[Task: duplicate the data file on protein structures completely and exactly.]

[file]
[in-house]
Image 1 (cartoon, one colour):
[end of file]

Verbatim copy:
[in-house]
Image 1 (cartoon, one colour):